A politically incorrect Christmas?

Mitch Dorr

As I write this column, the noise in the background is of my three sons actively trying to kill each other…. well, not exactly. Each of the boys received Nerf dart guns from Santa. Who would have thought that Santa and the NRA would ever form a pact? I wish they had formed that partnership when I was five years old!

My oldest boy, Adam, got the Nerf dart machine gun that fires off 35 darts as fast as you can pump the action. The35-dart drum on that gun looks like a cross between oldschool “Tommy Gun” and a new sci-fi gadget. Paul, our youngest boy, also received a dart gun, but because of his age, he was limited to a six-dart magazine. Jacob, our middle boy, received the Nerf bow and arrow (more like a cross-bow) and is flinging those arrows (more like bombs) wherever an enemy lies. Even our preschool daughter, Rachel, received her first handgun, which is only a single shot Nerf gun. Needless to say, she gets back-up protection from mom and dad.

While many people don’t like toy guns, I love them. I want my kids to be able to play around and have fun while using their imaginations. Cops and robbers, good guys and bad guys, hunting for deer and bear, etc. are all acceptable games at our house. We even have a full body target at home.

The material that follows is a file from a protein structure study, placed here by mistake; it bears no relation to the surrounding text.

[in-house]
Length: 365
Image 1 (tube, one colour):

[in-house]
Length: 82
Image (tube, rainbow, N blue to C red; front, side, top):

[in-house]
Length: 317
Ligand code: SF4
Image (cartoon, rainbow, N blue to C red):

As a parent it is my responsibility to teach the difference between “make-believe” and “real life.” We don’t currently have television programming, so that helps, as the idiot box has never played substitute to a parent in our house. Our kids have all seen my hunting rifles and know how important it is to be safe and cautious. When I take them bird hunting in the fall, there are clear cut rules that they have to obey. If they don’t, then no hunting with Dad!

One of our boys got his first B-B gun for Christmas from Grandpa this year. I am looking forward to teaching him how to shoot and how to be responsible with his new gun. He was being taught the importance of safety from the time the new Daisy came out of the box. “Don’t aim at anyone, even when it is unloaded”; “Never assume your gun is unloaded”; “Here is the safety”; etc.

Many people don’t like guns and I understand that. I do like guns and think it is a fundamental right of American citizens to own one. However, with that being said, I also think it is an incredible responsibility. Our young people need to be taught the importance of safety and caution. Thatcomes directly from the influence of involved parents, grandparents, and guardians.

Last night, I was playing Big Game Hunter on the Nintendo Wii when a bear came out of the woods and attacked. The three kids jumped over the couch and peered over the cushions while I tried like mad to fend him off with my Remington 12-gauge shotgun. Who says you can’t teach the difference between make believe and real life?

Mitch Dorr, a Cook County High School Class of 1993 graduate, is now a social studies teacher and coach at his former alma mater. Mitch coaches Vikings football and boys’ basketball. Coach Dorr’s comments do not necessarily reflect the opinion of the ISD 166 school board or administration.


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